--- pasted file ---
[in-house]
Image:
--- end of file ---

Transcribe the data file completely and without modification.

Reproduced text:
[in-house]
Image: